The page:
WATCH OUT!
This is a breaking change. Consult the CAS documentation and adjust accordingly.

When Spring Security is on the classpath, the auto-configuration secures all endpoints by default. CAS relies on Spring Security’s content-negotiation strategy to determine whether to use httpBasic or formLogin, and security of endpoints is extended by CAS configuration to determine the access level and permissions of each endpoint. There will be follow-up guides and posts about how to get endpoints secured and available for proper access but for now, this document should be a decent starting point.

CAS Command-line Shell

The CAS command-line shell, as a result of upgrading to the latest Spring Shell version, is impacted such that basic command-line options available in the non-interactive version of the shell are now removed. This means that you may still log into the shell and work with available CAS commands as you did interactively, taking advantage of features such as command history, tab completion, etc.

Dynamic SAML2 Metadata

Dynamic SAML2 metadata management via JPA and MongoDb is now able to support and store SAML2 identity provider metadata artifacts. Support for additional storage options may be added in future on demand.

Azure MFA Integration

The integration with Microsoft’s Azure multifactor authentication, previously marked as deprecated functionality, is now removed from CAS.

Google Authenticator Account Management

Accounts registered with Google Authenticator can now be monitored and managed administratively via CAS monitoring capabilities.

OAuth & OpenID Connect JSON Output

WATCH OUT!
This is a breaking change. Service definitions and/or schemas need to be updated accordingly.

The jsonFormat property assigned to each OAuth or OpenID Connect services is now removed and JSON is now made the default output syntax.

OAuth Device Flow

OAuth device flow is now supported.

Couchbase Audits

Couchbase is now supported for CAS audit logs.

SAML2 Metadata Health Status

Status of SAML metadata assigned to a SAML service can now be reported back as part of the CAS health monitoring.

OAuth Token Introspection

CAS OAuth support can now lend itself to token introspection. The semantics of this functionality are identical to that of OpenID Connect.

YubiKey Account Management

Accounts registered with YubiKey Authentication can now be monitored and managed administratively via CAS monitoring capabilities.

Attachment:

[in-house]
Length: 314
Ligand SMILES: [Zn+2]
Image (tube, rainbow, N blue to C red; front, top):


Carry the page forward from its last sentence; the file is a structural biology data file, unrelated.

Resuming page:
Nexmo SMS Integration

CAS can now integrate with the Nexmo platform for sending text messages.

Small Stuff

  • Delegated to the OpenID Connect provider for authentication now supports a new tenant option.
  • Aspects of OpenID Connect discovery profile, such as supported claim types, signing algorithms, etc can now be customized via CAS settings.
  • While generating JWTs, a typ header parameter is now specified.
  • The signing algorithm of OpenID Connect services can now be defined for each RP.
  • Delegated authentication should correctly take advantage of the unauthorizedUrl field assigned to a service definition.
  • Delegated authentication should hide aspects of the CAS user interface while auto-redirecting to a provider.
  • Additional audit points are now provided for OAuth functionality to capture access token requests and responses as well as device codes.
  • The multifactor trusted devices endpoint can now fetch registered devices linked to a user name.
  • Internal APIs used to manage Google Authenticator tokens and accounts are improved to support additional removal and counting ops.
  • Consistent package import order rules are now applied across the codebase and enforced by Checkstyle.
  • CAS is now using SonarQube for static analysis and extra code quality measures.
  • A ton of improvements to the Travis CI test harness to ensure CAS builds can execute as efficiently as possible while running integration tests.
  • Acceptable Usage Policy and Interrupt Notification features of CAS are now wired up to play nice with delegated authentication flow.

Library Upgrades

  • Java
  • Spring
  • Spring Boot
  • Apache Tomcat
  • Spring Boot Admin
  • JUnit
  • Kryo
  • JAXB
  • Swagger
  • Eureka
  • InfluxDb
  • Apache Ignite
  • MongoDb Driver
  • MariaDb Driver
  • PostgreSQL Driver
  • Couchbase
  • Hazelcast
  • MySQL
  • Guava
  • Amazon SDK
  • Twilio
  • Pac4j
  • Nimbus JWT
  • Cassandra Driver
  • Font Awesome
  • Bootstrap

Resources

Get Involved

Credits

Big thanks to all who participate in the development of this release to submit patches and contribute improvements. Keep’em coming!

Misagh Moayyed